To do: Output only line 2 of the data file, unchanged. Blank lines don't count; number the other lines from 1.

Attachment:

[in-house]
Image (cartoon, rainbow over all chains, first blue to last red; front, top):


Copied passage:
Image (cartoon, rainbow over all chains, first blue to last red; front, top):